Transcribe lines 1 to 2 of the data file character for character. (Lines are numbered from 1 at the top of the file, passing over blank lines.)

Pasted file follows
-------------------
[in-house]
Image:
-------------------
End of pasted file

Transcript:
[in-house]
Image: